- Start with curriculum guide
- then operationalize by writing up series of objectives
- can do a quick review of writing Behavioral Objectives, if you would like.
- A table that shows what will be tested (and taught)
- Theoretically, a completely detailed table of specifications would have every learning objective listed for every lesson for the whole year
- things haven't gone quite that far here in Alberta
- not sure there is really a point to having a document that lists every single fact students are to know
- not only is this too inflexible -- because it wouldn't allow for any room for teacher to respond to student needs,
it is also reductionism
- try to reduce learning to individual skills, misses that education is more than the sum of its parts
- part of difference between training and education I talk about in Social Context
- currently this totally detailed approach is dominant one in England
- some movement toward that end of the continuum here: "competency based" education is an attempt to move towards defining education in terms of a finite number of specific competencies
- so we do not need that level of detail --> main topics for year, main concepts for a unit plan good enough
|Knowledge & Comprehension||Application||Analysis, Synthesis &Evaluation||TOTALS|
- usually a two sided chart used in construction of tests
- content down one side, cognitive levels across the top
- common format in Alberta, but no rule: could have content across the top, Bloom'down the side
- usually group Bloom'categories: in this example, knowledge, understanding, and higher mental activity
- I prefer grouping knowledge/understanding (because straight recall usually too simple to count as real learning) and than application, then analysis, synthesis and evaluation as higher level
- for more on Bloom'Taxonomy, please see Glossary
- Content usually much more detailed than this, but will use two categories here to keep illustration simple
- totals tell you at a glance what percenteage of course emphasis given to each topic and what percentage lower and higher level mental processes
Here is an example of more detail
|CONTENT||Economic Growth: USA||Economic Growth: USSR||CANADA: Respondind to Change||TOTAL|
|PROCESSES||Industrialization||Market Economy||Quality of Life||Geography||Industrialization||Centrally Planned Economy||Quality of Life||Technology||Mixed Economy||Quality of Life|
Understand Concepts and Generalizations
|PROCESS SKILLS A|
|PROCESS SKILLS B|
- Example of running content across the top, Bloom'down the side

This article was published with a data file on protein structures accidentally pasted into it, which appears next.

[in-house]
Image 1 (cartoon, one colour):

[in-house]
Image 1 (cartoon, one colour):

- notice that some curriculum'translate Bloom into subject specific taxonomy, but principle is the same
- weight is usually based on how much time devoted to teaching concept
- but also how important it is that students remember, transfer to other contexts, courses --> some important ideas may be easy to teach but still important to include
- also determined by type of material --> don't put a lot of weight on higher mental activity category for unit on memorizing state capitals --> don't put a lot into recall for drama class on risk taking and creative dance
- weight -- start simple --> four topics, divide into 4, then maybe add bit more to topic you are particularly interested in, or figure students will be interested in, etc.
- weight usually given in %, but you can use marks (e.g., 50) if you like
- usually out of 100%, but might make two separate blueprints, one for 70 multiple choice, and second 30% for written response
- Acts as a:
- blueprint for teaching --> don't just start teaching page one on day one, or suddenly discover that its Easter and you're still on first unit --> need to figure out how much time you're going to allocate per unit, per concept within units
- blueprint for the test
- So that we get:
- representative sample of course content -->not all random sample
- this is important so that you don't just choose questions from last two weeks before exam
- representative sample of skills, cognitive levels across content
- not just rote memorization; or just high level stuff
- often sabotage great course by teaching high level skills (sculpting, acting, playing solo) then giving rote memorization test (date that Mozart composed 43rd symphony) that does not reflect actual time spent
kids learn quickly what actually "counts"is stuff on test, so if you have rote memorization test, don'try to get class discussion going!
- analyze results by level and content area
- if students getting all lower level questions but missing higher level, then you're not doing your job; if all have got answers to one unit but not another, may have to reteach that unit, etc.
- No, but most of them have not had the benefit of your training.
- Part of my job when I worked for Student Evaluation branch was to do inservice workshops at PD days and teacher conventions and on item writing committees; teachers were always surprised and pleased by this obvious concept.
- So more teachers are doing this each year.
- Now, most principals will want to see your year plans, and expect some evaluation planning as part of it.
- It is becoming a standard part of unit planning
- Specifications refer to a plan of what is to be taught/tested by weighting
- A blueprint is the plan of the specific test, i.e., which questions test which concept
- So same specifications could give rise to several different blueprints